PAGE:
2. Negotiate with the opposition parties in good faith to amend the Seventeenth Amendment to reduce political parties’ involvement in the constitutional council, and instead include members of the Supreme Court selected by lot, president’s counsel of long standing and representatives of civil society organisations with demonstrated experience and knowledge concerning judicial selection, constitutional law and fundamental rights.
3. Repeal sections of the Emergency (Miscellaneous Provisions and Powers) Regulations No. 1 of 2005 and the Emergency (Prevention and Prohibition of Specified Terrorist Activities) Regulations No. 7 of 2006 (and all previous emergency regulations that may remain in force at present) that authorise detention without charge outside areas of ongoing military hostilities, that derogate from the criminal procedure code and that criminalise conduct involving the exercise of free speech and associational rights.
4. Move the administration of the legal framework set out in Emergency Regulations and the PTA from the defence ministry to the justice ministry, with clear civilian oversight over the national security apparatus, especially with regard to detentions and detainees’ access to justice.
5. Amend the provisions of the 1978 constitution concerning the judiciary in order to:
a) allow actions against the president for the non-performance of mandatory legal duties, e.g., by the way of writs of certiorari, prohibition or mandamus (Article 35);
b) prohibit by law sitting judges from holding other remunerative and/or administrative positions during their tenure on the bench or from securing such posts on commissions or otherwise after their retirement; and
c) create an independent judicial tribunal for the adjudication of charges of misconduct or incapacity of members of the judiciary, including the Supreme Court, where members of said tribunal would be chosen by lot and would exclude any judges who were alleged to be connected in any way with the alleged offences.
6. Enact a contempt of court law limiting and imposing procedural constraints on the imposition of contempt sanctions in line with the 2005 views of the UN Human Rights Committee.
7. Amend Chapter III (in particular Article 15) and Chapter XVIII of the constitution, the Public Security Ordinance, and the 1979 Prevention of Terrorism Act (Temporary Provisions) to state that derogations from and restrictions on constitutional and human rights are limited by law to be consistent with the constraints imposed by the International Covenant on Civil and Political Rights and the International Covenant on Economic, Social and Cultural Rights.
8. Overrule the Singarasa judgment of the Supreme Court by legislation or constitutional amendment, clarifying Sri Lanka’s compliance with the Optional Protocol to the International Covenant on Civil and Political Rights and committing to following the views of the Human Rights Committee in past and future cases concerning compensation and other remedies.
9. Enact legislation requiring the immediate publication and wide public dissemination of any regulations (including emergency regulations) issued by the government and opinions of the Supreme Court and the Court of Appeal, with the provision of necessary funding.
10. Follow a rule of seniority in appointments to the higher judiciary except in cases where the constitutional council makes a public finding that compelling reasons exist for declining to promote a judge.
11. Place a moratorium on the promotion of officials from the attorney general’s office to the higher judiciary, permitting appointments from the attorney general’s office only after there is numerical balance between career-judge appointees and appointees from the private bar on the one hand, and members of the attorney general’s staff on the other in those courts.
12. Express publicly the party’s commitment to reforming the constitution’s judicial appointment and removal system and the elimination of the emergency powers of arrest, detention and prosecution without full due process protections under the Public Security Ordinance and the 1979 Prevention of Terrorism Act (Temporary Provisions) (PTA), until constitutional amendments can be passed to improve those processes.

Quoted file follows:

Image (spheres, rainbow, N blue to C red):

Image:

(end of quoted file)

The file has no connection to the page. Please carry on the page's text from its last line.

13. Task publicly the registrar of the Supreme Court with independent responsibility for assigning judges to benches of the court in specific cases by random lot, and bar any judge of the court from taking any role in the selection of benches.
14. Publish clear rules for when benches of more than three judges will be formed in cases raising challenges to administrative or executive action and when appeals or re-hearings from three-judge benches will be heard by larger benches of the court.
15. Publish clear standards for the exercise of the Supreme Court’s discretionary fundamental rights jurisdiction, including rules that ensure that challenges to ongoing detentions are addressed speedily even pending the filing of any criminal charges, that victims of torture and their families receive adequate compensation, and that all petitioners are protected from improper coercion or violence while their cases are pending.
16. Even in the absence of legislation requiring the publication of Supreme Court opinions, direct the registrars of the higher judiciary to publish immediately and disseminate widely judgments from those courts in Sinhala, Tamil and English.
17. Order the expeditious adjudication of challenges to the president’s non-application of the Seventeenth Amendment.
18. Promulgate clear rules to ensure due process protections and publicity in proceedings against judges for misconduct in the JSC, including the requirements that judges be notified of the specific charges against them; that judges have an opportunity to respond in writing and with the aid of counsel; that any findings of misconduct be promptly made available to the judge; and that JSC decisions can be appealed to Supreme Court panels.
19. Publish a schedule of appointments and transfers for magistrate judges that minimises uncertainty or manipulation in the location and duration of appointments; derogations from the schedule should be open to appeal to the commission and allowed only under publicly stated exceptional circumstances.
20. Promulgate rules requiring all settlements between police and victims of torture to be subject to approval by a magistrate judge, who should ensure that victims are not subject to undue pressure in reaching settlements and that the settlement is fair.
21. Order magistrates to use their wide powers to visit and monitor conditions in detention centres housing surrendered and suspected LTTE members; and organise training workshops for magistrates to equip them to use their monitoring powers more effectively.
22. Expand the role of state counsel in the magistrate courts, tasking them with the role of providing a check on police prosecution of ordinary crimes to ensure against the use of torture or other forms of abusive treatment or discrimination.
23. Expedite investigations and prosecutions of disappearances, illegal detention, torture or killings by state actors.
24. Ensure that any further funds dispersed on the justice sector are not used as mechanisms for leverage by political actors or factions within the judiciary.
Colombo/Brussels, 30 June 2009